Story last updated at 4/11/2012 - 11:36 am
A resurgence of farmed fish and shifting world currencies could shake up salmon markets this year.
"There are two trends going into the current salmon season that we haven't seen for several years," said Gunnar Knapp, a fisheries economist at the University of Alaska at Anchorage. "Exchange rates look to be weaker, not stronger, and perhaps more importantly, farmed salmon prices, rather than rising or holding steady, have fallen significantly. So we will be selling into a market where there is a lot more competing product available at a lot cheaper price."
There has been a huge rebound in world farmed salmon production over the past year - notably by Chilean producers who have recovered from a killer salmon virus that devastated their industry four years ago. Chile pegs farmed salmon and trout production this year at 700,000 tons, or 1.5 billion pounds (round weight), just slightly below Alaska's total salmon poundage last year.
"I absolutely think what is happening in farmed salmon production and markets is the critical thing for the Alaska salmon industry to be paying attention to going into this salmon season," Knapp said.
Norway, the world's other major farmed salmon producer, also is ramping up sales of whole salmon to the U.S., now that a 24 percent import tax imposed 20 years ago has expired, said Seafood Trend's Ken Talley.
Talley pointed to total farmed Atlantic salmon imports (all products) for the first month of the year when volume hit 37.4 million pounds, an increase of 16.1 percent over January 2011. The strong increase in volume has had the expected result, he said. The value and average price of imported farmed salmon has taken a hefty tumble: the value is down 6.2 percent to $118.7 million; the average price of $3.17 per pound was a drop of 19.3 percent to from $3.93 per pound in January 2011.
According to Knapp, over the past six months there have been significant declines in farmed salmon prices in the European, U.S. and Japanese markets. At the same time, the currency values of Alaska's biggest salmon customers - Japan and Europe - have shifted.
"The two currencies that matter a lot to Alaskans are the Japanese yen and the Euro," Knapp said.
For the past three years, the value of the yen has been significantly stronger compared to the dollar and that was one of the factors that helped boost salmon prices, he added. Over the winter that trend has reversed and the yen has weakened about 9 percent since January. Meanwhile, political and economic turmoil in Europe has pushed down the value of that currency by about 9 percent.
Of course, many other things affect varying cost structures for Alaska's processors and fishermen - how the catches come in, fuel and labor costs, and this year, the question of visas for foreign processing workers.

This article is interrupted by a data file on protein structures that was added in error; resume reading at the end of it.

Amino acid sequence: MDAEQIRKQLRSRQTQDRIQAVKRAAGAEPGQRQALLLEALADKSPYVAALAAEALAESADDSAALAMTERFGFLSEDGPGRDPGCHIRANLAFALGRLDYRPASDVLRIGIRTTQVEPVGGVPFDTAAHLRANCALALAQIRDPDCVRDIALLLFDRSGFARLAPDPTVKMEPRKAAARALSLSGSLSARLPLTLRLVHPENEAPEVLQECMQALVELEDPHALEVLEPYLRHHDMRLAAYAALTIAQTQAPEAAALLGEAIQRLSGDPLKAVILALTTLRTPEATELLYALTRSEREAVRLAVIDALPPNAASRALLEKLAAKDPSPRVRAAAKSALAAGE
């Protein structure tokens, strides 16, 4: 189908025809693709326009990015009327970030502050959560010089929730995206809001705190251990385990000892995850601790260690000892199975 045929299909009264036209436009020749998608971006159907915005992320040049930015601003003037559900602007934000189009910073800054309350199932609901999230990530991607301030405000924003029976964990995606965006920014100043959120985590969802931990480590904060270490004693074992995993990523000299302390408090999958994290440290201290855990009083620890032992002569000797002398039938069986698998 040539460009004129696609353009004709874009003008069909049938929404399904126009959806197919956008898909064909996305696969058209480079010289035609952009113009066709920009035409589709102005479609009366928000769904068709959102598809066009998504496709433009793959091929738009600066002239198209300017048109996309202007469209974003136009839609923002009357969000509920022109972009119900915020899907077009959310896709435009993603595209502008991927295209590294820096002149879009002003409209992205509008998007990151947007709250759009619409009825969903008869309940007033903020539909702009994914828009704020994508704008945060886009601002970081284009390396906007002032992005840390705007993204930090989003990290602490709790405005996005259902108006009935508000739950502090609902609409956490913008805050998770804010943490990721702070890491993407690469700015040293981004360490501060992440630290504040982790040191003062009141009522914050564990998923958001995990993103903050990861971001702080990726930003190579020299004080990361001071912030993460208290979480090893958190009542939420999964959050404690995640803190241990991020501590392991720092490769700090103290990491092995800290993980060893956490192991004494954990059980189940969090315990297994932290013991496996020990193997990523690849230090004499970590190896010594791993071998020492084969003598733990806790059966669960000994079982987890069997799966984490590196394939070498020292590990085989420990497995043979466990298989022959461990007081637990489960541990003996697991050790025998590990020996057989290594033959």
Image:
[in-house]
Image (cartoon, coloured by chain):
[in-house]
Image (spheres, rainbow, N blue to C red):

"Nothing is ever certain about fish prices" Knapp said, adding that global financial and economic situations can change markets quickly for better or worse. "That said, there is still strong demand for Alaska salmon, and we are widely diversified in our markets compared to where we used to be, so we've got a lot going for us. But I do think this year is somewhat different in that several other things that play into the pricing equation don't look as favorable as they have for the past several years."
On a historical note he added: "It is important to remember that every decade in the Alaska salmon industry has brought very significant changes since statehood. In the 1970s we had very low runs and limited entry, in the '80s the runs and markets rebounded and things looked extremely promising. Then the price crashed in the '90s, and 10 years ago things looked terrible. Over the past decade we have seen a dramatic rebound and a much better sense of optimism. This decade is no different. All you can do is be aware that there is no guarantee of stability in this industry and pay attention."
Spring fisheries are in full swing from the Bering Sea to the Panhandle. The Bering Sea snow crab fishery has about 30 million pounds remaining in its 80 million pound quota. Fishermen report the crab are large and of excellent quality. Crabbing also continues around St. Matthew Island for blue king crab with less than 500,000 pounds remaining in the 2 million pound quota.
Jigging for cod in the Gulf has really picked up and fishermen are bringing in boat loads of fish. In Prince William Sound, shrimp fisheries open on April 15 with a quota of 145,000 pounds of side stripes for trawlers and over 51,000 pounds for pot gear. The PWS sablefish season also opens April 15 with a 242,000 pound harvest level.
Kodiak's roe herring fishery begins April 15th. At press time, the Sitka Sound sac roe fishery was nearing the 29,000 ton quota. Also in Southeast, geoduck clam divers have been out of the water for over 6 weeks now due to high PSP levels. The Southeast winter Chinook troll fishery is about over, but will reopen in July. The forecast for this summer calls for about 198,000 Chinook salmon for trollers, a decrease of about 21,000 thousand fish. More than three weeks into the halibut fishery only about 1.3 million pounds were landed, mostly in Homer. Sablefish landings were higher, topping 1.8 million pounds, mostly at Seward.
Laine Welch has been covering news of Alaska's fishing industry since 1988. She lives in Kodiak.